Rev. J. Bryan Hehir is Professor of the Practice in Religion and Society and Chair of the Executive Committee at Harvard Divinity School.  He also serves as Counselor to Catholic Relief Services in Baltimore, Maryland and Faculty Associate at Harvard University Weatherhead Center for International Affairs.  From 1973 to 1992, Father Hehir served in Washington at the U.S. Catholic Conference of Bishops and at Georgetown University.  At the Bishops Conference he was Director of the Office of International Affairs (1973-83), Secretary of the Department of Social Development and World Peace (1984-88) and Counselor for Social Policy (1988-92).  At Georgetown he served as the Joseph P. Kennedy Professor of Christian Ethics in the School of Foreign Service at the Kennedy Institute of Ethics.  From 1991-92 he was Associate Vice President for Church and University issues.  Professor Hehir’s writing and research engage issues of ethics, foreign policy and international relations as well as Catholic social ethics and the role of religion in world politics.  Publications include: “Military Intervention and National Sovereignty”; “Expanding Military Intervention: Promise or Peril?”; “Catholicism and Democracy: Conflict, Change and Collaboration”; “The Just-War Ethic Revisited.”

Robin W. Lovin is Dean and Professor of Ethics at Perkins School of Theology of Southern Methodist University. His writings include two studies of twentieth century Christian social ethics: Christian Faith and Public Choices: The Social Ethics of Barth, Brunner, and Bonhoeffer (1984), and Reinhold Niebuhr and Christian Realism (1994).  He has also written extensively on religion and law and comparative religious ethics.  He was President of the Society of Christian Ethics for 1999-2000.

General James P. McCarthy, United States Air Force, Retired, is the Olin Professor of National Security at the U.S. Air Force Academy.  During his 35-year military career, his operational command positions included a fighter squadron in Vietnam (where he flew 152 combat missions), two bomber wings, 8th Air Force, and Deputy Commander in Chief, U.S. European Command where he had day-to-day responsibility for all U.S. forces in Europe.  Among his numerous Pentagon assignments, he was Director of Legislative Liaison with the U.S. Congress.  General McCarthy is a member of the Air Force Scientific Advisory Board and was recently chairman of the Task Force for Kosovo—Lessons Learned.  He served on the National Defense Panel to assess the Quadrennial Review and on the Defense Policy Board advising the Secretary of Defense.  He was also vice-chairman of the Defense Science Board on Intelligence Support for Bosnia Operations. He is a member of the Senate Select Committee on Intelligence Technical Advisory Group and currently serves on the boards of a number of business, professional, educational, and non-profit organizations.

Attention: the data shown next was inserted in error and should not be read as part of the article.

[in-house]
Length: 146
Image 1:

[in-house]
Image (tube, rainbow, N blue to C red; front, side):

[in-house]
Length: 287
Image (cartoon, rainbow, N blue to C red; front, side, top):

Susanne Hoeber Rudolph is the William Benton Distinguished Service Professor of Political Science and took her Ph.D. from Harvard in 1955. She studies comparative politics with special interest in the political economy and political sociology of South Asia, state formation, Max Weber, and the politics of category and culture. She is author of Transnational Religion; Education and Politics in India; In Pursuit of Lakshmi: the Political Economy of the Indian State; and Essays on Rajputana. Rudolph also edited Agrarian Power and Agricultural Productivity in South Asia. She is also Director of the Workshop on Theory and Practice in South Asia.

Margaret O’Brien Steinfels has been editor of Commonweal since 1988. Her writing has appeared in the New York Times, the Los Angeles Times, the New Republic, and other publications. She is author of Who’s Minding the Children? The History and Politics of Day Care in America. Before coming to Commonweal, Ms. Steinfels was director of publications at the National Pastoral Life Center and editor of its journal, Church. From 1981 to 1984, she worked as executive editor and business manager of Christianity and Crisis. She has also worked as a social science editor at Basic Books and as editor of the Hastings Center Report. Ms. Steinfels is a graduate of Loyola University, Chicago, and New York University. She lives in Manhattan, and is married to Peter Steinfels, columnist for the New York Times. They have two grown children.